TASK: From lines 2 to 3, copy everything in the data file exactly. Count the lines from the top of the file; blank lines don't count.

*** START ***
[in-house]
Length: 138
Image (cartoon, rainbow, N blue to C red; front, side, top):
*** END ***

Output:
Length: 138
Image (cartoon, rainbow, N blue to C red; front, side, top):